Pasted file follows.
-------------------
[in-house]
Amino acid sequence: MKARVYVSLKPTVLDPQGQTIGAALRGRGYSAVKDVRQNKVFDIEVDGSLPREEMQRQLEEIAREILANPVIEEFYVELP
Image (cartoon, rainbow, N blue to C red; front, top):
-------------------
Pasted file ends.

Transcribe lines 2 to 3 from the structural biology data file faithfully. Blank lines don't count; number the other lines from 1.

Amino acid sequence: MKARVYVSLKPTVLDPQGQTIGAALRGRGYSAVKDVRQNKVFDIEVDGSLPREEMQRQLEEIAREILANPVIEEFYVELP
Image (cartoon, rainbow, N blue to C red; front, top):